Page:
It depends. If you delete an XMP file, it doesn’t affect the original image file next to it. But you still might lose important information.

That could include any text metadata you’ve added (captions, etc), or it might include any editing instructions or filters that were applied in an app like Lightroom or Capture One.

If you delete the XMP files and then reopen the images in an image editing app, any previous edits might be lost. But it’s also possible they won’t be. That’s due to the way in which image editing apps like Lightroom save their information. The quickest way to do that is for them to use their own internal database. Depending on the app’s setting, they might then save much of that information into the XMP files. 1

In practice, XMP files are so small in file size–at least compared to the image file itself–that there’s really no need to delete them to save space.

Can I Edit XMP Files?

As a technical matter, it’s possible to edit XMP files directly with a text editor. They’re specifically designed that way, in accordance with XML standards. If you need to batch process a caption or copyright field, for example, you can.

But most of the time, you never need to work directly with the XMP files. And it’s rarely a good idea to edit the data directly because of the risk of introducing a syntax error or making a coding error. There are usually better and safer ways to tackle it, such as editing the metadata through an app like Photo Mechanic or Lightroom.

Do I Need to Include the XMP Sidecar File When Sharing an Image?

No, not normally. In general, XMP sidecar files can be treated as archival files that stay with the original master images. And most image file types that are more commonly used for publishing and sharing photos–JPEG, WebP, or AVIF, for example–have their own provisions for embedded metadata inside the file.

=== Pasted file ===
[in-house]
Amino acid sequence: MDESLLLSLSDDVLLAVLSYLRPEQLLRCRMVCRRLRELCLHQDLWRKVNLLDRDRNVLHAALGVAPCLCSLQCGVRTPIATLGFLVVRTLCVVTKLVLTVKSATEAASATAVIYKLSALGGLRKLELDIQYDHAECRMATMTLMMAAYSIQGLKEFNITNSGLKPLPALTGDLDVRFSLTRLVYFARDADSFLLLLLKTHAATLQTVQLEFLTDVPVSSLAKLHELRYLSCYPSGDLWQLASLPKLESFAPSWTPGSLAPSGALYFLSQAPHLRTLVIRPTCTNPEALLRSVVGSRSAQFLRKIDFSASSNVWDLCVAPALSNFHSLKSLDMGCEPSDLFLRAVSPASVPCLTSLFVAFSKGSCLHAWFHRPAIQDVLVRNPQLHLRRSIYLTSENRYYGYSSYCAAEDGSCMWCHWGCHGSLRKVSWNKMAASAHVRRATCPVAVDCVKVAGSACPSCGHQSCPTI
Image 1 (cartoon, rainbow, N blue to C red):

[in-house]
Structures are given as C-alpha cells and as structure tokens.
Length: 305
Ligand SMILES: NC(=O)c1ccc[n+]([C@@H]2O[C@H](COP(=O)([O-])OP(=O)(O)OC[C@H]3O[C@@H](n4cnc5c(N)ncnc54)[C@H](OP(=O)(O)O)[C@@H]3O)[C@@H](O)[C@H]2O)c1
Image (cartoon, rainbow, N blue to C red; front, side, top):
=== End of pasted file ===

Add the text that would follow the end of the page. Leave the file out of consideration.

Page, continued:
A rare exception might be if you’re sharing a RAW file with a fellow photographer or graphic artist. In that case, bundling the XMP file with the RAW file would allow them to preserve any edits you’ve made.

What Kind of Information is Included in an XMP File?

The information in any given XMP file will depend on what the image has been edited in. The most basic kind of information that’s most commonly present in XMP files associated with a photo captured by a camera is probably EXIF information, which is information about the capture (capture device type, model information, exposure information, etc).

If you’ve edited the image in an app, that app might have saved its own packets of information. Many of the XMP files with my images, for example, reflect a workflow that incorporates Photo Mechanic, Lightroom, and Photoshop. If you’re using PLUS licensing data, that would be included.

  1. In Lightroom, for example, the manual function for that is under Library > Metadata > Save Metadata to File. If you’re using Capture One, you can find information about its XMP handling here.[]
David Coleman / Photographer

David Coleman

I'm a professional freelance travel photographer based in Washington DC. Seven continents, up mountains, underwater, and a bunch of places in between. My images have appeared in numerous publications, and you can check out some of my travel photography here. More »